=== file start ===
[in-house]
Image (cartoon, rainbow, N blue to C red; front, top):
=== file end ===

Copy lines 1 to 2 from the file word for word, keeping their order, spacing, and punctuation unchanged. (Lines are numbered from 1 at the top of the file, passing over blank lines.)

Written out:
[in-house]
Image (cartoon, rainbow, N blue to C red; front, top):